Documentary on panama canal and the isthmus of panama
The Isthmus of Panama (Spanish: Istmo de Panamá), also historically known as the Isthmus of Darien (Spanish: Istmo de Darién), is the narrow strip of land that lies between the Caribbean Sea and the Pacific Ocean, linking North and South America. It contains the country of Panama and the Panama Canal. Like many isthmuses, it is a location of great strategic value.
- Documentary on panama canal and the isthmus of panama
- Map of Isthmus of Panama Panama
Map of Isthmus of Panama, Panama
The isthmus was arguably formed 12 to 15 million years ago. This major geological event separated the Atlantic and Pacific Oceans and caused the creation of the Gulf Stream.
Vasco Núñez de Balboa heard of the South Sea from natives while sailing along the Caribbean coast. On 25 September 1513 he saw the Pacific. In 1519 the town of Panamá was founded near a small indigenous settlement on the Pacific coast. After the discovery of Peru, it developed into an important port of trade and became an administrative centre. In 1671 the Welsh pirate Henry Morgan crossed the Isthmus of Panamá from the Caribbean side and destroyed the city. The town was relocated some kilometers to the west at a small peninsula. The ruins of the old town, Panamá Viejo, are preserved and were declared a UNESCO World Heritage Site in 1997.
Lionel Wafer spent four years between 1680 and 1684 among the Cuna Indians.
Scotland tried to establish a settlement in 1698 through the Darien scheme.
The California Gold Rush, starting in 1849, brought a large increase in the transportation of people from the Atlantic to the Pacific. Steamships brought gold seekers from eastern US ports who trekked across the isthmus by foot, horse, and later rail. On the Pacific side, they boarded Pacific Mail Steamship Company vessels headed for San Francisco.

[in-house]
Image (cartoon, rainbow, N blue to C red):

In 1902–4, the United States forced Colombia to grant independence to the department of the isthmus, bought the remaining assets of the Panama Canal Company, and finished the canal in 1914.
A significant body of water (referred to as the Central American Seaway) once separated the continents of North and South America, allowing the waters of the Pacific and Atlantic Oceans to mix freely. Beneath the surface, two plates of the Earth's crust were slowly colliding, forcing the Cocos Plate to slide under the Caribbean Plate. The pressure and heat caused by this collision led to the formation of underwater volcanoes, some of which grew large enough to form islands as early as 15 million years ago. Meanwhile, movement of the two tectonic plates was also pushing up the sea floor, eventually forcing some areas above sea level.
Over time, massive amounts of sediment (sand, soil, and mud) from North and South America filled the gaps between the newly forming islands. Over millions of years, the sediment deposits added to the islands until the gaps were completely filled. By no later than 4.5 million years ago, an isthmus had formed between North and South America. However, in April 2015, an article in Science Magazine stated that zircon crystals in middle Miocene bedrock from northern Colombia indicated that by 10 million years ago, it is likely that instead of islands, a full isthmus between the North and South American continents had already likely formed where the Central American Seaway had been previously.
Evidence also suggests that the creation of this land mass and the subsequent warm, wet weather over northern Europe resulted in the formation of a large Arctic ice cap and contributed to the current ice age. That warm currents can lead to glacier formation may seem counterintuitive, but heated air flowing over the warm Gulf Stream can hold more moisture. The result is increased precipitation that contributes to snow pack.
The formation of the Isthmus of Panama also played a major role in biodiversity on the planet. The bridge made it easier for animals and plants to migrate between the two continents. This event is known in paleontology as the Great American Interchange. For instance, in North America today, the opossum, armadillo, and porcupine all trace back to ancestors that came across the land bridge from South America. Likewise, bears, cats, dogs, horses, llamas, and raccoons all made the trek south across the isthmus.
As the connecting bridge between two vast land masses, the Panamanian biosphere is filled with overlapping fauna and flora from both North and South America. There are, for example, over 978 species of birds in the isthmus area. The tropical climate also encourages a myriad of large and brightly colored species, insects, amphibians, birds, fish, and reptiles. Divided along its length by a mountain range, the isthmus's weather is generally wet on the Atlantic (Caribbean) side but has a clearer division into wet and dry seasons on the Pacific side.